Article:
How an Accounting Degree Can Help You Become an Accountant
Understanding the numbers
When reviewing job growth and salary information, it’s important to remember that actual numbers can vary due to many different factors — like years of experience in the role, industry of employment, geographic location, worker skill and economic conditions. Cited projections do not guarantee actual salary or job growth.
How do you pursue an accounting career path and succeed at it? Earning a degree is a good place to start.
With a degree, you can position yourself for one of the many different types of accounting careers. And should you decide to earn an advanced degree — such as a master's in accounting — you can broaden your job prospects and income opportunities even further.
A degree can also help you meet or work toward the credit hour requirements needed to earn professional industry designations, such as a Certified Public Accountant (CPA) or Certified Management Accountant (CMA) certification.
Thanks to globalization, a strong economy and complex tax regulations, accounting is an in-demand field, with 6% job growth projected through 2031, according to the U.S. Bureau of Labor Statistics (BLS). And in 2021, the median annual salary for accountants and auditors was $77,250, BLS reports.
But, with high demand and good income potential, it’s also a competitive field.
What Degree is Best for Accounting?
Whether you follow a traditional path as a public accountant or choose a specialty like financial accounting, you can’t go wrong with an accounting degree.
At the bachelor's level, you have a few options:
- Accounting degree: If becoming certified in the field is a goal of yours, a general accounting bachelor's degree can help you progress toward the requirements needed for CPA licensure. The degree can also help you if you're interested in management accounting or auditing, to name just a couple of paths.
- Accounting and finance degree: This path is beneficial if you want to build foundations in both business areas and understand how you can help organizations achieve financial success.
- Forensic accounting degree: Sometimes an accounting concentration option, a forensic accounting degree can prepare you to specialize in the field and detect and prevent financial fraud in organizations.
Not sure you’re ready to commit to a full degree program? Consider an associate degree in accounting or an undergraduate accounting certificate, which can help you meet the education requirements for entry-level positions like bookkeeping or lay the groundwork for further study.
While you pursue your degree, you may also want to consider employment in the field to gain real-world experience, connect with professional associations and network with alumni via social media.
“Accounting is a great major because there are so many options,” said Mona Stephens, a CPA with a Master of Accountancy and an accounting faculty lead at Southern New Hampshire University (SNHU).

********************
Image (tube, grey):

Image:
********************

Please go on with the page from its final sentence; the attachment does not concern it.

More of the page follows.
What Does an Accountant Do?
That’s changed a lot over the years, but an accountant's mission has not. “The overall purpose of accounting is to tell the financial story of an organization (or individual) to allow for informed decision-making,” Stephens said.
But the bean counters of the past now use cutting-edge technology and data to tell stories with numbers.
“While the purpose of accounting hasn’t changed since I first became one, the tools we use and skill sets we need have changed,” she said. "Accountants now need to have good communications skills, technology skills and the ability to analyze large amounts of data.”
If you become an accountant, what you do will also depend on your role and where you work.
“Everyone’s career path is a bit different,” said Stephens. “It’s easier if you already know what you want to do. Do you want to go into public accounting, work within an organization as a management accountant, do taxes, work in government or a nonprofit, be an auditor?"
As for Stephens, she joined the field as a county auditor before moving into local government, where she spent 25 years.
Common Types of Accounting Jobs
Accountants do much more than prepare tax returns, and CPAs are only one type. Here are just a few common titles:
- Auditors review an organization’s financial records. Within the auditing category are information technology auditors. Their job is to check the accuracy and sources of financial data in technology systems. Another type of auditor is the internal/external auditor, who ensures the proper use of financial resources and looks for ways to reduce waste.
- Financial accountants do the requisite financial reporting to prepare statements for shareholders, creditors, potential investors and the general public. Financial accounting has a hand in improving an organization’s fiscal position.
- Government accountants maintain and prepare government records or those of private businesses that interface with government entities.
- Public accountants audit and prepare tax returns for companies, government entities or individuals. Many work for large accounting firms and go on to open their own agencies. Some have specialties, such as forensic accounting.
- Management accountants help company management with budgets, cost analysis and strategic planning. Management accounting often involves making recommendations to streamline operations and drive business decisions.
- Tax accountants prepare taxes and do income taxation planning for individuals, corporations and partnerships.